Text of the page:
By and large, professors and lecturers are extremely well paid. In Hong Kong, head of a university receives roughly 90% of what the most senior servant receives, i.e. about HK$180,000 (US$22,500) a month, plus housing, a chauffeured car and other benefits. A full professor receives roughly US$20,000 per month plus benefits. To most citizens in Hong Kong, these are staggering sums. Universities argue that in order to get the world renowned academics, they have to pay. But do universities really need top-flight academics more than good teachers who are dedicated to spend time to teach and nurture their students as well as to continue to study and do research?

The teaching profession in Hong Kong and perhaps in Asia as a whole is much better paid now than 50 years ago. However, it is widely recognized that they are not better teachers than those of two generations ago despite their academic qualifications may be a lot better. In former times, teachers were poorly paid. But their dedication and sacrifice had greatly influenced their students. Their students were better persons (kinder and more caring) than the present students.

Instead of relying on government funding and contributions from big business, universities can turn their attention to the support of their graduates and the wider community. It is hard work. However, universities are there to serve the people. So it is better to have 10,000 people to support them than 10 business corporations. But before they can raise money from their alumni and the community, they must do everything possible to make these people feel that they are a part of their universities.

There are lots of ways universities can do to involve their graduates and the community. One concrete way is to provide continuing education for the people in their community in general and their graduates in particular. These extension courses should not only be skills-enhancement, but life-enrichment as well. Furthermore, the purpose of continuing education should not be primarily for the increase of revenue, but rather it should try to engender a spirit of learning for life.

Universities should make every effort to entice community participation. But they should also get themselves involved in the struggles in their communities. Academics should also be practioners. That is why when Thamasset University decided to move its main campus away from Bangkok, it became such a controversy.

IV. Role of Educators
In final analysis, educators at all levels, whether they work as teachers in kindergartens, in primary and secondary schools or in universities, are the key players in education reform. But first, they must change their mind-set. Educators must not consider teaching as only a job or a life career where they can earn a decent living and along the way getting some job satisfaction. Educators should consider teaching as their calling or vocation so that they are willing to commit their whole life for the wholesome development of their students.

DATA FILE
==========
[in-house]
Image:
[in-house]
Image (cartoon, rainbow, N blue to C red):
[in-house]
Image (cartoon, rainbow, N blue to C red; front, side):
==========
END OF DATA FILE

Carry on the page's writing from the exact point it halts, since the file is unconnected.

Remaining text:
They must decide to go beyond from the teaching of subject matter to the nurturing of their students; so that their students will not only increase their knowledge and wisdom but especially grow in personality and character. This is a painstaking process. It demands a lot of the teachers’ time and energy just to be with their students. Indeed this is the mystery of life: life breeds life. When a teacher is willing to make a personal sacrifice in caring for his/her students, these students will experience a richer life.

Other than work more intensely with their students, educators should also work with their parents. Parents can be a real asset in education reform. Their care and attention for their children will help their children’s personal development immensely. Educators need to be constantly in touch with the parents of their students and encourage their parents to cooperate and join forces with the school to develop their children.

On the other hand, parents can hinder education reforms. For example, in the long standing high school teaching medium controversy in Hong Kong, all educators opined that it would increase students’ understanding and therefore interests to learn if schools adopt mother-tongue as the medium in classroom teaching. However, the strongest objection came from parents. Most parents believe that if schools do not use English as the medium of teaching, the English standard of their children will decrease which in turn will be disadvantageous for their childrens’ tertiary education and career opportunities.